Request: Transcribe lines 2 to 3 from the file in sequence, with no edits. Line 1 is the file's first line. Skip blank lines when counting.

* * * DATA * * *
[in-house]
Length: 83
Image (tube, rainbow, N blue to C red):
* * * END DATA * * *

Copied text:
Length: 83
Image (tube, rainbow, N blue to C red):